Terrific Tools

Like most people who write a blog, there is never enough time to write about all the wonderful and interesting tools that are constantly evolving.  To keep this post manageable, I’m mentioning a few of the fabulous tools that I have come across in the past weeks  via the various networks that I attempt to keep up with.


StumbleUpon, a social media site that enbles users to discover and rate webpages, photos, videos, and news articles, has become a favourite plugin on my toolbar. If you haven’t tried it out, I’d encourage you to do so.  Like most networks or tools, StumbleUpon’s features are best experienced than described.  Briefly, you can identify the topics/areas you are interested in, then when you click the Stumble! button on your toolbar, it will present a site based on your selected interests.  You can then give it the thumbs up or down to refine your preferences.   Once you start using the tool, you see its wonders (and its addictiveness).  Since using it, I’ve come across some fabulous tutorials which I may not have otherwise found.   It can be used as a marketing tool, or in the case of educators, networking with other users to gain interesting and useful information.  Here are 5 power tips to get the most out of using StumbleUpon.

Information Organiser

The Personal Brain is a free downloadable visua information organiser that sits on your desktop and facilitiates keeping track of projects.  Great for a visual overview of what is going on either at work or home.  You can have as many ‘brain’ projects as you wish, or you can divide one ‘brain’ into different projects.  So it can be used for work/home.  Keep all your work related projects together and same with personal.  Notes can be added, web links, even files and images and there’s also a calendar.   It has potential in the classroom for brainstorming projects, project planning and even as a revision tool. Here’s a Youtube review of Personal Brain.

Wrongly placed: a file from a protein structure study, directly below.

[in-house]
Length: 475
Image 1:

After using this tool now for several weeks, I’m quite impressed with its functioning.  It is intuitively easy to use, adding a new project is as simple as clicking on ‘Thought’ from the drop down menu > Parent Thought.  Add a sub-thought to this > Child Thought.  For a completely new brain > File > New Brain.  A paid version is available, obviously with more features. The free version has enough options to make it very usable and worthwhile.

Educational Videos

Teachers TV is certainly one of my favourites places to go when I want videos for the classroom, classroom management and personal development. Although I joined earlier this year, a mention of Teachers TV on Paul Hamilton’s site prompted me to go and take a deeper look.  As mentioned in Paul’s post, there is an incredibly rich supply of resources available on this site. What makes the site even more usable is that vidoes can be downloaded or watched directly via Quicktime or Windows medial player.  This overcomes the buffering problem that happens with watching online videos.  If you haven’t been acquainted with Teachers TV, I’d certainly encourage you to do so.